I met a man I knew in the supermarket the other day. At least I think I knew him. He at least knew me. I at least knew the supermarket.

The problem is, I didn’t know his name. Or more accurately, I couldn’t remember his name.

We had a very nice conversation, poised there between the cereals and the pickles, with him asking me about our kids, our jobs, our living will, did we understanding string theory and how was that trip to Paris?

I interjected occasionally, trying to avoid any phrases that would require me to use his name in a complete sentence. I hoped that no one else would come by whose name I also didn’t know and I would have to introduce two people to each other without actually using either of their names.

In fact, although I didn’t remember his name, I did remember his wife, his kids, his dog and how he voted in the 1972 Democratic Presidential primaries. But the name escaped me.

I knew it began with the letter B. And it had three syllables. It was something like Bergamot. Or maybe it was O’Reilly. And his first name was Jim. Or it may have been Bob. Then again, it could have been Arlene.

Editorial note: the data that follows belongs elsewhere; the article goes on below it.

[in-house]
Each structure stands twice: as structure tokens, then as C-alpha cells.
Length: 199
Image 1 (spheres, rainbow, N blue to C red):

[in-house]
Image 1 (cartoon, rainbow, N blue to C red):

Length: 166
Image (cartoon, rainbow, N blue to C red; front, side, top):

I was pretty sure I used to work with him. He was in the next cubicle. Or he was the guy at the shoe store who knew I pronated. Or he was my cousin. I’m sure I could pin it down if I could just think of his name.

There are many names I can remember, like the name of the kid who sat behind me in third grade and the name of the actor who played Wilmer the gunsel in “Casablanca.” (It was Elisha Cook Jr., if you’re checking. I even remember the name of Elisha Cook Sr. He was not in “Casablanca.”)

I can remember the name of the singer who sang “Spirit in the Sky” in 1969 (Norman Greenbaum). I can remember all the names of the infielders for the 1970 Baltimore Orioles (from left to right, Brooks Robinson, Mark Belanger, Davey Johnson, Boog Powell).

But of course, everybody knows those names and knows which of the Baltimore Orioles played infield and which played in “Casablanca.”

But I can’t remember the names of people I ran into yesterday. People I’m expected to know. So I’d like to make a request.

From now on, when you run into me in the supermarket and you say hi, before you ask me about string theory, please say your name as well. Enunciate clearly. Say it twice in case I miss it the first time.

“Hi, Neil, it’s Bob Bergamot from the shoe store. You know, the one who told you that you pronate, and then explained to you what pronate means even though you didn’t understand it.”

If not, wear a name tag.

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